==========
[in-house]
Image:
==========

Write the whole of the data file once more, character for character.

[in-house]
Image: